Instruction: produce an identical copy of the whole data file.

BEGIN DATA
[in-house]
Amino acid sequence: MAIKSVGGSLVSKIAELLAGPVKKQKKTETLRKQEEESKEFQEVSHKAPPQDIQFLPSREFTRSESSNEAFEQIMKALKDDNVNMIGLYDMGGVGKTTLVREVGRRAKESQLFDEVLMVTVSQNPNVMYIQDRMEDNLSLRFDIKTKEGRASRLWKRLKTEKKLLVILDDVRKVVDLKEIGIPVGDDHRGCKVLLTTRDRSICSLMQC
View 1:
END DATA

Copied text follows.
[in-house]
Amino acid sequence: MAIKSVGGSLVSKIAELLAGPVKKQKKTETLRKQEEESKEFQEVSHKAPPQDIQFLPSREFTRSESSNEAFEQIMKALKDDNVNMIGLYDMGGVGKTTLVREVGRRAKESQLFDEVLMVTVSQNPNVMYIQDRMEDNLSLRFDIKTKEGRASRLWKRLKTEKKLLVILDDVRKVVDLKEIGIPVGDDHRGCKVLLTTRDRSICSLMQC
View 1: